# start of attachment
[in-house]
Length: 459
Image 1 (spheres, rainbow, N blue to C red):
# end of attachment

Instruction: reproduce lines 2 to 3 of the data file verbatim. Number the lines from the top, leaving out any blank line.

Length: 459
Image 1 (spheres, rainbow, N blue to C red):